Do You Make These 5 DIY Pest Control Mistakes?


Mice    Stink Bugs    Tips/Solutions   

Learn the most common mistakes homeowners make before you launch your next search and destroy mission on pests in and around the home and hear what the experts say about how just a few simple adjustments could mean the difference between failure and success.

1.    You find Ants in the kitchen or bathroom and spray.  
Entomologists warn that grabbing the nearest over the counter spray for ants may actually make the problem worse. While many OTC ant sprays (for use indoors) will kill ants on contact they also leave behind a repellent substance on surfaces that may force foraging ants in the kitchen or bathroom in all directions, thereby limiting your chance of finding and eliminating the colony. Without eliminating the colony, the ants will continue to thrive and little black ants foraging for food and moisture will return to kitchens and bathrooms in only a matter of days. Remember, ants work to support the colony by hunting for food, moisture and shelter 365 days a year. Those that you see typically represent only 8-10% of the total colony. By using indoor baiting techniques, foraging ants can be used to your advantage to transport product to the nest in an effort to eliminate the entire colony.

2.    You set a mouse trap in the middle of the kitchen floor, attic, basement or pantry.  
Do not be surprised to find your trap untouched if it is placed out in the open. While rodent pests may be inquisitive they do not have the keenest eyesight and generally prefer to travel parallel to walls and surfaces, often following the same routes.  Mouse trap placement and orientation is vital to the success of making a catch. Always follow the label instructions and remember to place traps perpendicular to the wall, bait-side in. If you have pets or children in the home, you may want to consider placing your traps beneath floor cabinets (by removing the lowest drawer), or behind the stove or other concealed areas where mice are still known to traffic.  Also remember not to overload your trap with bait. A small smear of peanut butter, chocolate icing, or tidbit of bacon will go a long way.  Hint:  If you’re not sure where to place your traps you can’t go wrong by placing them where you find mice droppings!  Learn to set a mouse trap in this 30-second video.

3.    You look for Carpenter ants during the day.
The most difficult key to eliminating Carpenter ants, is locating the nest.  It is a common mistake that homeowners make when they first detect large, black ants inside their home or condo.  The bug experts at American Pest, a longtime Maryland pest control company, recommend not trying to locate the nest during the day, when as few as two, three, or four ants may be spotted inside. The trick to locating the Carpenter ant nest is to search for the ants at night, when they are most active. Carpenter ants prefer to nest in wood that may or may not have been previously damaged by moisture. They can be found in knots of trees, behind the fascia or soffit, behind siding and where wooden structures like decks or pagodas meet the house. They may prefer frames and sills associated with doors and windows, especially if moisture is present. Inspect these areas with a flashlight after dark for signs of Carpenter ant activity.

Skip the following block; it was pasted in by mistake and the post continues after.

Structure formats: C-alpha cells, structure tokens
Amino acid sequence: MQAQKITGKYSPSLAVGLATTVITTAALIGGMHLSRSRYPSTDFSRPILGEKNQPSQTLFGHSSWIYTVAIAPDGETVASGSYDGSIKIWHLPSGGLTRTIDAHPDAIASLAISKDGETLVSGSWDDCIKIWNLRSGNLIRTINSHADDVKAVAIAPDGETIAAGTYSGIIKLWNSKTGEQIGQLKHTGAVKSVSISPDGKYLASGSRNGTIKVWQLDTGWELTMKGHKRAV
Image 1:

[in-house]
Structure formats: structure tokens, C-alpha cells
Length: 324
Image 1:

4.    You spray inside for Stink bugs.
 We know you’ve done it, and we understand all the reasons why. Unfortunately, once Stink bugs have made their way indoors they are much more difficult to control. American Pest suggests you treat outdoors and treat early—in some cases as early as September, or before nighttime temperatures start to drop into the 50s and below. Start by examining all the possible entry points and seal those off with a high quality sealant, or cover them with insect screening. Then turn your focus to applying a long-lasting insecticide around doors, windows, and thresholds.  Be certain your product is labeled specifically for Stink bugs and outdoor use. For Stink bugs that are already inside, try using a vacuum or placing out bowls of soapy water.

5.    You fail to search under the box spring for bed bugs.
It’s all too common to miss a bed bug problem by not inspecting beneath the bottom-most box spring or mattress. Bed bugs are cryptic in nature, squeezed into the screw openings of bed frames, the seams of mattresses and beneath the slats of platform beds. Do not make the mistake of leaving any aspect of your bed unturned, literally. Remember to make use of a bright flashlight and the help of an adult family member when turning the mattress and box spring to inspect for Bed bugs. Watch for ink-like stains on light wood and fabric or insect parts from molted skins as the bugs grow from egg to adult.


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